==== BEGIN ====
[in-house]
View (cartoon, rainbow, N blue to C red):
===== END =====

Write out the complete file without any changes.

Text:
[in-house]
View (cartoon, rainbow, N blue to C red):